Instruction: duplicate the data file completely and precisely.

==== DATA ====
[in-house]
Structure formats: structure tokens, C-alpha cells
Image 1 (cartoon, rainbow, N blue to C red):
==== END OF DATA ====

[in-house]
Structure formats: structure tokens, C-alpha cells
Image 1 (cartoon, rainbow, N blue to C red):